Origin of Gujjar communities in J&K: Bakerwals and Gujjars constitute 20 percent of the total population of the state of Jammu & Kashmir and a sizeable chunk among them are landless and deserve dwelling rights on forest land which they have been using as traditional inhabitants for centuries. There have been various opinions by historians about the origin of the Gujjars of J&K. According to recent archaeological, linguistic and geographical evidences, the Bakerwal and Gujjar communities of Kashmir migrated from a territory between Black Sea and Caspian Sea. These studies show them to be descendants of Gurjis and it is believed that originally residing in Gujarat, part of the tribe migrated toward J&K after the outbreak of serious famines in Gujarat and Rajasthan in 1899 and 1930s.
Deeper conspiracy: On 29 June, 2002, the Akhil Bharatiya Karyakari Mandal (all-India leaders’ committee) of the Rashtriya Swayamsevak Sangh in a meeting held at Kurukshetra passed a resolution demanding that the region of Jammu be made a separate state, and Ladakh turned into a Union territory. The demand endorsed campaigns calling for such restructuring by the Jammu & Kashmir National Democratic Front (JKNDF), a local organisation led by the RSS state head Indresh Kumar and former Bharatiya Janata Party state president Tilak Raj Gupta. Buddhist chauvinist organisations, notably the Ladakh Buddhist Organisation, have joined the JKNDF campaign for the separation of the two regions from Kashmir.
The RSS resolution was preceded by a resolution of the Vishwa Hindu Parishad’s Kendriya Margdarshak Mandal (central advisory committee) at Haridwar on 23 June, 2002 which said “five Hindu-dominated districts of Jammu should be made a separate state, a Union territory be carved out of areas northeast of the Jhelum river in Kashmir valley for settling Hindus there and Ladakh be given the status of a Union territory.”
Clearly, the Hindu Right’s demand for a separate Jammu is premised on the fact that the province as a whole has a Hindu majority. The proposition becomes even clearer when one looks at the specific instances of nasty plans to dislocate Muslims in the region and create regional disparity among the Muslim inhabitants of Rajouri and Poonch districts.
The GoI last year referred the issue of the permanent resident status for West Pakistan refuges in J&K to the Parliamentary Standing Committee on Home Affairs which recommended that West Pakistani Refugees should be given permanent resident certificates (PRCs) and voting rights in the JK state elections.
At the time of Partition, over 7,000 Hindu families had crossed over to the Indian side of the LoC and the International Border from the Pakistan-Administratered Jammu & Kashmir and West Pakistan. Then, during the Indo-Pakistan wars in 1965 and 1971, about 10,000 more Hindu families were dislocated from 47 villages of Chhamb area. The Centre had requested the state government to consider issuing PRCs for them. Though, the PDP government openly denied any such move, fearing violent protests in the Valley and Muslim-dominant parts of Jammu as J&K Muslims largely see this as a move to abolish Article 370, a ploy for changing of demography of the state. Gujjar activist and community leaders have been claiming that the new government is working quietly to issue PRCs to West Pakistan refugees.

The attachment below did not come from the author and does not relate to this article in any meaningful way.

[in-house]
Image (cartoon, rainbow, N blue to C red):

“The Congress government was also doing the same. Now during the PDP-BJP government, the difference is that it is happening at a faster pace and in a systematic manner. There’s no one to monitor what they are doing. They have saffronised the administration in order to do this work without any hindrance,” said Tarif Suhail, a young activist from Jammu.
“The state government is ordering transfers of Muslim bureaucrats and other government officials in the state along “communal lines”. The transfers are taking place from the secretariat to district and tehsil levels. This is being done to facilitate the issuance of the permanent resident certificates to the non-state residents in Jammu,” he further said.
A local activist wishing anonymity accused the state government of saffronising the educational system. “Due to economic constraints, backwardness and government’s apathy, the schools here are run by the Indian army. The educational system is totally run according to their syllabus. Now since the BJP is in power, the process has been accelerated. We are compelled to study here and we have no other option due to lack of private schools in the area,” he said. The locals in the area accuse the BJP government of segregation politics to cause divisions between the three brotherly Muslims communities in the area, viz., Paharis, Bakerwals and Gujjars, who have been living together for decades in peace and harmony.